I briefly talked to another walker who left his car at the mall. He wanted to get home in time to watch the Seahawks game. He asked me where a nearby pub was, but I couldn't think of any. Still can't. After I left him behind, he flagged down a passing SUV and hitched a ride. See? Friendly strangers!

This is the driveway of the building just north of mine. No tracks whatsoever for most of it.

All in all, snow is a pain, but fun. And I finally found a reason to be thankful my shoes have a goretex lining. My feet stayed warm and dry!

Now I think I'll make a large snowman on my balcony. . .

Happy Monday.


Friday, November 24, 2006

Happy Thanksgiving Friday!

Some may call it Black Friday, but that's just not a happy enough name. Plus, I don't plan on going shopping. . .

I went to Seattle's parade this morning. Took some photos, of course.

I didn't get a good one of the Seagals, though. Sorry, Chunlin. Too blurry. . .

But first, a photo from yesterday:

Okay, here's the first band of the parade:
I just had to yell "Go Conks!" I got a few cheers in response.

I need to work on my aim. . .

The Mariners Moose rode around the street on his usual 4-wheeler:

Some of the few people in skirts:

Aww. . .

Right before Santa is. . . Snow Globe Lady!
I wonder if it's warm in there. . .

Look! It's Santa!!!

Ho ho ho! Merry Christmas!!

Wednesday, November 22, 2006

Happy Friday!

It's Wednesday-as-Friday Day, one of the longest days of the year. . .

Monday, November 20, 2006

My alma mater is better than your alma mater!

The Rice Owls are bowl eligible! They started the season 0-4 (and 1-5) by playing puff teams like Texas, Florida State, and UCLA. Once they got to the heart of their conference schedule, though, they've won five straight. That loss to Tulane is looking more embarrassing each week.

The last time Rice was bowl eligible (8-4 in 2001), they weren't invited to any bowls. The WAC at that time only had two bowl tie-ins, and Rice was third place in the conference.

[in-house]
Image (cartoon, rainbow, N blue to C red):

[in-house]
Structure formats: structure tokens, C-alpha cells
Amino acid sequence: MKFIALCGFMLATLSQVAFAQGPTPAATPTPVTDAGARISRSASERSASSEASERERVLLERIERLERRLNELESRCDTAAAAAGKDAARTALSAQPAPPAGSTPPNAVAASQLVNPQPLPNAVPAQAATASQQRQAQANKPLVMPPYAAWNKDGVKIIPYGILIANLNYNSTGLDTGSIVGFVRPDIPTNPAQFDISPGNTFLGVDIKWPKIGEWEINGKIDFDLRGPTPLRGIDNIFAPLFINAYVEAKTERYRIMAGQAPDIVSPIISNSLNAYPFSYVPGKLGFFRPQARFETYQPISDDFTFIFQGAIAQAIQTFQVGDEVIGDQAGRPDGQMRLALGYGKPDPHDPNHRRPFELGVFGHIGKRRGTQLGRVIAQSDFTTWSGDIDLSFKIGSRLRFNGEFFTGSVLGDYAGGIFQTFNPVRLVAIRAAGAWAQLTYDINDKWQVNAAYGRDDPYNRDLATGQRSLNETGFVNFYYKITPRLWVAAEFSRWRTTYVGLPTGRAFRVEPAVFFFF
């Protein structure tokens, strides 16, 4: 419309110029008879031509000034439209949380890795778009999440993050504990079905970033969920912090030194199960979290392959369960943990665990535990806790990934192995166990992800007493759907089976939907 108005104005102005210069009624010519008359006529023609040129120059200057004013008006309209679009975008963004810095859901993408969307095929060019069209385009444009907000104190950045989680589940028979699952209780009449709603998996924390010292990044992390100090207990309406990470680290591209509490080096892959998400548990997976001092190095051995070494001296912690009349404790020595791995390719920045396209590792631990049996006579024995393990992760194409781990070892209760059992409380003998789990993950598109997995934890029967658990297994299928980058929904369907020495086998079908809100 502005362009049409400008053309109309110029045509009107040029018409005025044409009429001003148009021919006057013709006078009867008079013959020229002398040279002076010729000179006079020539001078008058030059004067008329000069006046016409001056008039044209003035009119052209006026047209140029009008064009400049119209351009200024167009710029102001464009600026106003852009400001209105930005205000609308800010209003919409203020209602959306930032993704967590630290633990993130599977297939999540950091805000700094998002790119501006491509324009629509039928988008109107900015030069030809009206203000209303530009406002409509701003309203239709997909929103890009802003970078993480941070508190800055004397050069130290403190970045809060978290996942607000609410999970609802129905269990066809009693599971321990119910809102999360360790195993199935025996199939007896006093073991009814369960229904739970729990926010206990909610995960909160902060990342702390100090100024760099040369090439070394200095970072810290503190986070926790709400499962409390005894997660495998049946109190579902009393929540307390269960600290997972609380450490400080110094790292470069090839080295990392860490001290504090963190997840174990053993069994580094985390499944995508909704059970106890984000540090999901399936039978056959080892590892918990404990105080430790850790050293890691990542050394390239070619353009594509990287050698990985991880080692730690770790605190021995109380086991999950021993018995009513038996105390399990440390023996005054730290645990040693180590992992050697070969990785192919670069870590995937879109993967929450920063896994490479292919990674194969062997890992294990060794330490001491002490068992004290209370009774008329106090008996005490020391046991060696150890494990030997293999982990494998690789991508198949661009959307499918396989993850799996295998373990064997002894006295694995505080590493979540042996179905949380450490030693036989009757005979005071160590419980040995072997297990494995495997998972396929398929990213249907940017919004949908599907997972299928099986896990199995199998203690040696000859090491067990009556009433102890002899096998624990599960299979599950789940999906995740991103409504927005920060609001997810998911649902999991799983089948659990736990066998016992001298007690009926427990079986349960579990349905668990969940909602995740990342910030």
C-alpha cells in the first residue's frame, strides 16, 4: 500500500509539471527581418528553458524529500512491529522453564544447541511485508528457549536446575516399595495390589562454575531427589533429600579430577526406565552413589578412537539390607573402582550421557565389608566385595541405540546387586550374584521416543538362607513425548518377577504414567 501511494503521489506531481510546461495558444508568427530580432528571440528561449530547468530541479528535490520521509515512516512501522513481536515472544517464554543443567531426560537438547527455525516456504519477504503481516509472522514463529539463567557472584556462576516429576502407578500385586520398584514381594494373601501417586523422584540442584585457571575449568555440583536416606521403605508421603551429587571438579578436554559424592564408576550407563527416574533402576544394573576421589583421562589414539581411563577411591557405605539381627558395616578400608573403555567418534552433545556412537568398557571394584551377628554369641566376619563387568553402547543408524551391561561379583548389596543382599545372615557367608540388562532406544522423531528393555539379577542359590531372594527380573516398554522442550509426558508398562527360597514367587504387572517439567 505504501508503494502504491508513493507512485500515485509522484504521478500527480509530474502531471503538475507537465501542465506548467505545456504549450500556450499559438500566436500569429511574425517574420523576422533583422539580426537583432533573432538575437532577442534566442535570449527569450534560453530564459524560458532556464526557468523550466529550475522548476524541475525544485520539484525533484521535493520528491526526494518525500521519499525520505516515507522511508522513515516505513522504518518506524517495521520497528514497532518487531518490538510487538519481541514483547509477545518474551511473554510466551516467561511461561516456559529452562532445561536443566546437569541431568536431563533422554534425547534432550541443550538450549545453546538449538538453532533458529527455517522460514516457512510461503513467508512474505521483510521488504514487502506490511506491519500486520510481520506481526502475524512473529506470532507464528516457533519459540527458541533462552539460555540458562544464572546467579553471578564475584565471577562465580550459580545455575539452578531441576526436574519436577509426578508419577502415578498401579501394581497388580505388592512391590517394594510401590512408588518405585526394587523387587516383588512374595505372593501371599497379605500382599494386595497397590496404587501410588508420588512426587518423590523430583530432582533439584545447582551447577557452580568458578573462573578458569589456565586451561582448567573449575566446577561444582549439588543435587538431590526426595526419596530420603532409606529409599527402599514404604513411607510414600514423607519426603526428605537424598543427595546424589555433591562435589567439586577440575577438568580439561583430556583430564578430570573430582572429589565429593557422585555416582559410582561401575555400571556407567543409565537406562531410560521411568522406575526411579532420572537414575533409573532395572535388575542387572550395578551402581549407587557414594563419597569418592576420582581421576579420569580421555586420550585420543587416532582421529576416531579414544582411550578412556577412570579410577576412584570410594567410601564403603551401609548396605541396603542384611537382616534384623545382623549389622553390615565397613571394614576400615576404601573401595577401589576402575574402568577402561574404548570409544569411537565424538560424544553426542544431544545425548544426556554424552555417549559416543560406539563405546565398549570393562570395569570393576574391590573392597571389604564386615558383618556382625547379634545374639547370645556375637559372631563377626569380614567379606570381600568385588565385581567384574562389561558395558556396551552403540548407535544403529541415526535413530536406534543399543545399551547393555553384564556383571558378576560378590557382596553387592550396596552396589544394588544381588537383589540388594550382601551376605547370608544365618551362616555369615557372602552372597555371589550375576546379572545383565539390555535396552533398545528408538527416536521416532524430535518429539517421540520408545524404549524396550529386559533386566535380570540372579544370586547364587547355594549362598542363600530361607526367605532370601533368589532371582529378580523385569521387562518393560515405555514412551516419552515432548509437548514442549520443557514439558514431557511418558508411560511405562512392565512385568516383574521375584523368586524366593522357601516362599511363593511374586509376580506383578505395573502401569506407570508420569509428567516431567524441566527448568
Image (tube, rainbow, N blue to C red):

This year, Rice is third in the C-USA with one game left to play. Even if they lose, I'd still count them as fourth. At least fifth. And the C-USA has five bowl games.

I hope the bowls don't look at the overall record and pick a team Rice beat (eg Tulsa) because they played teams like North Texas and Stephen F Austin at the beginning of the season. It's not like Tulsa has any more alumni than Rice, either. It's an even smaller school than Rice!

But Houston and Southern Miss are #1 and #2. If SMU beats Rice, they're #3. Even though Rice just beat Eastern Carolina, a bowl might pick ECU over Rice as #4. So then it's Rice, Tulsa, and Marshall (who isn't even bowl eligible yet).

So I'm thinking Rice will play in the Armed Forces Bowl in Fort Worth, Texas, on December 23 versus TCU. Rice's first bowl game since 1961!

Sunday, November 19, 2006

To Someone Special

Happy Corrugated Cardboard Day

Wishing You Happiness
and Blessings Always

Corrugated Cardboard Day
is a time for thinking of those
who are a special part
of our lives
and have a special place
in our hearts--
that's why
Corrugated Cardboard Day
is a time
for thinking of you.


Friday, November 17, 2006

NFL White Home Jerseys

From Wikipedia, the repository of all known facts:

Dallas Cowboys:

The Cowboys were the first NFL team to primarily wear their white jerseys at home, as every other team wore their colored jerseys at home. This tradition started in the 1960s by then-general manager Tex Schramm, who wanted a single look for his team that every fan would see, whether they were playing at home or on the road. He also wanted Cowboys fans to see a variety of opponents' colors at home games. Since then, two other NFL teams, the Dolphins and the Redskins, have adopted the practice of wearing their white jerseys at home.

Throughout the years, the Cowboys' blue jerseys have been popularly viewed to be "jinxed" because they often seem to lose when they wear them. Most of the time, Dallas will wear their blue jerseys when they visit Miami, Washington, or one of the handful of teams such as the Tampa Bay Buccaneers that traditionally wear their white jerseys at home during the first half of the season due to the hot climates in their respective cities. But on some occasions, opposing teams will purposely wear their white jerseys at home to try and jinx the Cowboys.

The Cowboys have lost the following playoff games when wearing their dark jerseys:

  • Super Bowl V against the Baltimore Colts
  • The 1980 NFC Championship Game versus the Philadelphia Eagles
  • The 1982 NFC Championship Game against Washington
  • A 1996 Divisional playoff game versus the Carolina Panthers
  • A 2003 Wild Card playoff game against Carolina

Washington Redskins:

The tradition of wearing white jerseys at home was started by Joe Gibbs when he took over as coach in 1981. Gibbs was an assistant for the San Diego Chargers in 1979 and 1980, and the Chargers wore white at home during the tenure of coach Don Coryell in the late 1970s and early 1980s.